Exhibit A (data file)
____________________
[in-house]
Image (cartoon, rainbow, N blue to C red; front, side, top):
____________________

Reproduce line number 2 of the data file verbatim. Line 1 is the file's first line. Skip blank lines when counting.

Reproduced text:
Image (cartoon, rainbow, N blue to C red; front, side, top):